I remember catching up with a friend who’d just had a baby. She started telling me about what a rough birth it was, how she’d fallen into a horrific postpartum depression and had all these physical problems, too. It’d been a month and we were both in the Bay Area, and I didn’t even know. I was like, oh my gosh, I wish you’d called me. And she said, you are so busy with such a huge job, I feel like you would have come because you would have felt like that was the right thing to do, but it would have been the wrong thing to do to you. And the worst part was in my head, I was like, she's right, I would have gone and I would have been so stressed out the entire time about missing out on work stuff. It was a relief to hear that she went through this horrible thing, but came out of it fine and hadn't required me at all. Relief that a friend didn’t call you when she needed. That’s a horrible thing to confront about yourself.
I finally acknowledged there was a problem. So when I was on my second maternity leave, I applied on a whim to grad school because it felt like a way out. I applied in January for a September start, it felt far away and low commitment. I got in and once I paid the $100 deposit, it was like buying a gym membership where once you’ve paid the money you have to go. So it was $100 that finally got me to leave Google.
And it was also important to me because I felt like I didn't know what I wanted to do with my life, it wasn't like all of a sudden I was going to be a writer or anything like that. This was just something that I had never studied before and I thought would be interesting. I knew that it would be really hard for me to stop working--after a week of being on vacation, what would I do? I felt like I needed to have something to create some kind of routine immediately and school felt like it would be some sort of a structure that would occupy me while I had this very gentle life crisis of what was I going to do with myself post-Google.
Then while I was at school, a friend sent a manuscript to Medium for a book I’d written years before: The Big Disruption. They liked it and said they’d give it a shot, which was cool for me because back in 2012, an agent had taken it to all the publishing houses in New York and everyone had turned it down. They were like “No one’s interested in tech.” But Medium bought the manuscript and three months later they published it. It was a whirlwind. I wanted to do it anonymously but they talked me out of it. As a comms person you’re so used to being behind the scenes. To all of a sudden have your name attached to something was a weird, uncomfortable feeling.
When you’re so used to writing for other people, when you write for yourself, it feels kind of nice, though, right?
It is now, but at the time I found it really stressful. The process of writing the book was just this cathartic outpouring, but when the book came out I didn't really want to be in the public eye. I didn't want the book to be read as a tell-all about my experience at Google, particularly since I had written it coming out of an experience at a start-up--not Google. Like, if I wanted to write a nonfiction book, I would write a nonfiction book. I just really wanted to be anonymous and have this book out there that people would engage with and think about and yes, laugh at. Not have people wanting to know how many kids I have or what I think about content moderation. I have enormous respect and will always have a soft spot in my heart for anyone who works in comms and marketing, but I just didn't want to do that anymore and I certainly didn't want to do it for myself and my book. I think that's just hard for everyone when they find themselves in the spotlight. You just want the truth to be the thing that wins out and not to feel like you're taking this active role in it, having to think about how something is going to land.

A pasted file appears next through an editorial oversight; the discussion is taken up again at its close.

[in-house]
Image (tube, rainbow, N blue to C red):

As a final question: now that you’ve left Google, how much do you follow what’s going on? I saw you tweeting about the recent congressional hearings and being relieved to not have to write the talking points for that kind of thing anymore. Has your cynicism towards Big Tech grown or lessened? What’s your vantage point as a former insider now on the outside today?
I still have a lot of people that I care about working at various big tech companies. I think employee sentiment is a lot more complex than the media likes to portray. For much of the media, the classic tech worker is either the person who’s super all about it, all Kool-Aid, or they’re the whistleblower. The media kind of only allows for those two types. I think the vast majority–especially those of us in support functions, who aren’t the highest on the food chain, who aren’t engineers–are aware of the discrepancies and the things that are great about our jobs and that aren't.
Like all things in life you see the complexities and the compromises that people have to make. I also try to not view all these companies as the same. While I had gotten to a point that I felt like there were some values at Google that were butting up against business decisions, I still felt like on the whole the company had a much stronger moral backbone than certainly any other company that I had ever worked at. We would have conversations where we were saying here is this hundreds of millions of dollars opportunity, but do we actually want to be in this particular business? And we’d walk away from it. To me that said something because I have also been in environments where that definitely was not the case.
I do think it’s frustrating, looking across all these companies, to see that there is such a tendency to weigh particular issues or bad actors as if they were just another piece of data . Because in the aggregate, those bad actors or that data cohort may be small. So you minimize the human impact of those issues and you don’t take them as seriously. That is a real problem. Same with the ability to expand and expand and expand with very few checks on that growth.
There's a lot I love about tech. I think it's unparalleled in terms of people asking really huge questions and not assuming that because something has been solved one way that it can't ever be solved another way. I think that is hugely inspiring.
I just have a lot of contradictions like anyone else. I really appreciate what a lot of these companies have done, while also wishing that they were not so beholden to the market and to growth, that they could make decisions that align more closely with their values.
Follow Jessica Powell on Twitter here. Query me at firstname.lastname@example.org.